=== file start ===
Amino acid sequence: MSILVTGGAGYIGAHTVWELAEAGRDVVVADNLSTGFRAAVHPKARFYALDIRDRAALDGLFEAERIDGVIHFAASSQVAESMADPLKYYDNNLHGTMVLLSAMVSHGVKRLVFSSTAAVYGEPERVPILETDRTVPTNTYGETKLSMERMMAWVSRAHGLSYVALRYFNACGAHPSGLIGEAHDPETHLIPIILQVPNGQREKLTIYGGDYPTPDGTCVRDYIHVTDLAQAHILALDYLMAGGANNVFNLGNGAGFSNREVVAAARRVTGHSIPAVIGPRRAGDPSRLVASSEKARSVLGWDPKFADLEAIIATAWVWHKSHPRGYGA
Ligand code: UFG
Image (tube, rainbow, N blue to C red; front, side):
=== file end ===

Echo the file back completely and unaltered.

Amino acid sequence: MSILVTGGAGYIGAHTVWELAEAGRDVVVADNLSTGFRAAVHPKARFYALDIRDRAALDGLFEAERIDGVIHFAASSQVAESMADPLKYYDNNLHGTMVLLSAMVSHGVKRLVFSSTAAVYGEPERVPILETDRTVPTNTYGETKLSMERMMAWVSRAHGLSYVALRYFNACGAHPSGLIGEAHDPETHLIPIILQVPNGQREKLTIYGGDYPTPDGTCVRDYIHVTDLAQAHILALDYLMAGGANNVFNLGNGAGFSNREVVAAARRVTGHSIPAVIGPRRAGDPSRLVASSEKARSVLGWDPKFADLEAIIATAWVWHKSHPRGYGA
Ligand code: UFG
Image (tube, rainbow, N blue to C red; front, side):